Teleporter: On Earth there is a device that will destroy your body and beam detailed information about it to Mars. On Mars another device will use that information to create a duplicate body from local materials. Is this harmless teleportation or terrible death-and-duplication? On a voluntaristic view, that would depend on how it is viewed by the participant(s). Also: How similar must the duplicate body be for it a qualify as a successful teleportation? That too, could depend on participant attitude.
Fission: Your brain will be extracted, cut into two, and housed in two new bodies. The procedure, though damaging and traumatic, is such that if only one half of your brain were to be extracted, and the other half destroyed, everyone would agree that you survived. But instead, there will now be two beings, presumably distinct, who both see themselves as "you". Perhaps whether this should count as death or instead as fissioning-with-survival depends on your attitude going in and the attitudes of the beings coming out.
Amnesia: Longevity treatments are developed so that your body won't die, but in four hundred years the resulting being will have no memory whatsoever of anything that happened in your lifetime so far, and if she has similar values and attitudes it will only be by chance. Is that being still "you"? How much amnesia and change can "you" survive without becoming strictly and literally (and not just metaphorically or loosely) a different person? Again, this might depend on the various attitudes about amnesia and identity of the person(s) at different temporal stages.
Here are two thoughts in support of voluntarism about personal identity:
(1.) If I try to imagine these cases as actual, I don't find myself urgently wondering about the resolution of these metaphysical debates, thinking of my very death or survival as turning upon how the metaphysical arguments play out. It's not like being told that if a just-tossed die has landed on 6 then tomorrow I will be shot, which will make me desperately curious about whether the die did land on 6. It seems to me that I can, to some extent, choose how to conceptualize these cases.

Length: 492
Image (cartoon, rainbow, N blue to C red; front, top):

(2.) "Person" is an ordinary, folk concept arising from a context lacking Swampman, teleporter, fission, and (that type of) amensia cases, so the concept of personhood might be expected to be somewhat indeterminate in its application to such cases. And since important features of personhood depend in part on the person in question thinking of the past or future self as "me" -- feeling regrets about the past, planning prudently for the future -- such indeterminacy might be partly resolved by the person's own decisions about the boundaries of her regrets, prudential planning, etc.
Even accepting all this, I'm not sure how far I can go with it. I don't think I can decide to be a coffee mug and thereby make it true that I am a coffee mug, nor that I can decide to be one of my students and thereby make it so. Can I decide that I am not that 15-year-old named "Eric" who wore the funny shirts in the 1980s, thereby making it true that I am not really metaphysically the same person, while my sister just as legitimately decides the opposite, that she is the same person as her 15-year-old self? Can the Dalai Lama and some future child (together, but at a temporal distance) decide that they are metaphysically the same person, if enough else goes along with that?
(For a version of that last scenario, see "A Somewhat Impractical Plan for Immortality" (Apr. 22, 2013) and my forthcoming story "The Dauphin's Metaphysics" (available on request).)